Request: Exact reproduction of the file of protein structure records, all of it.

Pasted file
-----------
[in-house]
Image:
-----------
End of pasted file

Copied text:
[in-house]
Image: